Posts Tagged ‘Christchurch’

My parents and me on the lawn at 400 Manchester Street, c. 1953

The large house at 400 Manchester St in which I spent my first ten years had originally been rented by my grandmother Ethel who let out rooms.  At the time of her death in 1945 Phyllis, George and Bruce were also living there.  They took over the lease and then sublet when they moved to the North Island for several years.  When they returned with me as a very young baby their sub-tenants refused to yield possession (possibly quite within their rights if they had a fixed term lease), and for some months our family lived in the small sleep-out that was later to become Bruce’s bedroom.  Presumably they shared the bathroom and kitchen facilities.  I can only hope that my mother Phyllis found these arrangements an improvement on conditions in Pukekohe.

Bruce enrolled at Christchurch Boys’ High School, but the family remained poor.  Bruce told me he never accepted invitations to social functions because the only pair of shoes he possessed were his school ones.

Looking back, the house seems more like an institution than a home.  During my infancy it was run as an accommodation house, and advertised as

For comfortable accommodation
Private Home : Handy to city
–Children welcome—
Dinner, Bed, & Breakfast 13/6
Bed & Breakfast 10/6

I wonder who provided the meals as my mother was a notoriously bad cook.  By the time I was three or four the house had become a “Convalescent Home for Male Patients” and there were always a dozen old or infirm men living there.

The house was a wooden bungalow, built around 1920, owned by someone in England and administered by the Public Trust.  A large unlined attic filled the roof space, and the ground floor rooms all opened onto a wide L-shaped hall.  All the rooms (except the kitchen and bathroom) were numbered.  The sitting room, formal and hardly ever used, was Room One. This room faced west, but always seemed dark – perhaps the blinds were left partly pulled, or bushes outside obscured the sun.  I remember little china models of Japanese buildings on an occasional table.  There was a desk where stationery was kept – all custom printed (my father always ordered good stationery for any of his business enterprises).  One time when I’d been naughty, Mother shut me in this room.  Seeking revenge I took scissors and cut a tiny corner off every one of the elegantly printed envelopes, then climbed out the window.  She never mentioned the mutilated envelopes, but must have noticed.

We also had a piano and a radiogram with lots of old 78’s.  I loved to play and dance to the one of Doris Day singing “The Black Hills of Dakota”

There may have been armchairs in this room but I don’t remember them.  In fact I don’t remember seeing anyone actually sitting there, except perhaps Mother at her desk.  Looking back I guess in fact my mother never had time to just sit.  Any sitting was done at the kitchen table, or in chairs beside the patients’ beds, or on the verandah.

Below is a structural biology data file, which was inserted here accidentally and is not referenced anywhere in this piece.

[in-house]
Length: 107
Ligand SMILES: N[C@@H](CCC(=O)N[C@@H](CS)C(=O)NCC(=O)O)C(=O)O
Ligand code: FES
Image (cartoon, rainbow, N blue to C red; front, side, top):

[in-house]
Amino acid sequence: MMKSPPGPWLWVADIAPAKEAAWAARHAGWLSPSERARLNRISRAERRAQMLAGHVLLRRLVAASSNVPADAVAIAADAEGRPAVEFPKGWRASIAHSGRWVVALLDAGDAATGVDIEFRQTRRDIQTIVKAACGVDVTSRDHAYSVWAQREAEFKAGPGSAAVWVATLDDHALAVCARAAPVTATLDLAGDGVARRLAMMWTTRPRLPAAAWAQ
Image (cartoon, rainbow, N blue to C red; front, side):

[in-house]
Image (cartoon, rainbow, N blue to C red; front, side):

Room Two was enormous.  There was a bay window, which also faced west, but this time the light streamed in.  Six patients lived in this room, each with a hospital-style iron bed and a wooden locker.  The furniture throughout the house was painted in a pale shade known as lettuce green.  I had the impression that this was the correct colour for hospital furniture.  There were easy chairs and a window seat in this room which also served as a patients’ lounge.  I spent many hours sitting with the old men, chatting or playing simple games such as snap or draughts.

The long north-facing verandah opened off Room Two and had a couple of couches as well as easy chairs.  When one of these couches finally deteriorated beyond use, we broke it up and burned it on a bonfire in the back yard.  As we pulled it apart we found many coins and other objects which over the years had slid out of patients’ pockets and down between the back and seat.

Room Three held another two or three patients, but Room Four was tiny and held only one.  At some stage during my pre-school years I was allotted this room for myself, the only time until I was thirteen that I didn’t share a bedroom with my mother.  However, my occupancy was short-lived and certainly from the time my father died my mother and I always slept in the same room.

Room Five which was a generous size despite being under the stairs was for some time occupied by my father’s mother who was confined to a wheelchair.  The only time I remember my father chastising me was when as a three or four-year-old I poked out my tongue at my grandmother.  Later the room belonged to whichever live-in housekeeper we had at the time.  Room six, at the north-east corner was the one mother and I shared, with plenty of room for two large iron beds, wardrobe, chests of drawers and space to play.  The iron bedsteads were high – as a small girl it was an effort for me to clamber up, but the iron railings at the end doubled usefully as monkey bars and I frequently hung upside down by my knees.